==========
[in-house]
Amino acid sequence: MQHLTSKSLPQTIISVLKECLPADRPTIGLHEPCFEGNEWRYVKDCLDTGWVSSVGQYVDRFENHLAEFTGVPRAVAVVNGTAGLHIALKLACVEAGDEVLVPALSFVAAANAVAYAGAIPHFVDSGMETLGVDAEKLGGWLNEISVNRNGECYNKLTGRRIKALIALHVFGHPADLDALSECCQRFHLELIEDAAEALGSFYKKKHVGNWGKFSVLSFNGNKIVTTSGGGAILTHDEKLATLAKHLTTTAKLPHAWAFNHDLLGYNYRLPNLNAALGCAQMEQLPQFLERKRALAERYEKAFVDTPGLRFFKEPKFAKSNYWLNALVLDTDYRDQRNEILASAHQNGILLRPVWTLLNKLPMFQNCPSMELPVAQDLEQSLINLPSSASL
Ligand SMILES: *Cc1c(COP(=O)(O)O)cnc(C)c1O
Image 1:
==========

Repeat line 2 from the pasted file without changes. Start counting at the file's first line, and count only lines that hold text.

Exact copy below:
Amino acid sequence: MQHLTSKSLPQTIISVLKECLPADRPTIGLHEPCFEGNEWRYVKDCLDTGWVSSVGQYVDRFENHLAEFTGVPRAVAVVNGTAGLHIALKLACVEAGDEVLVPALSFVAAANAVAYAGAIPHFVDSGMETLGVDAEKLGGWLNEISVNRNGECYNKLTGRRIKALIALHVFGHPADLDALSECCQRFHLELIEDAAEALGSFYKKKHVGNWGKFSVLSFNGNKIVTTSGGGAILTHDEKLATLAKHLTTTAKLPHAWAFNHDLLGYNYRLPNLNAALGCAQMEQLPQFLERKRALAERYEKAFVDTPGLRFFKEPKFAKSNYWLNALVLDTDYRDQRNEILASAHQNGILLRPVWTLLNKLPMFQNCPSMELPVAQDLEQSLINLPSSASL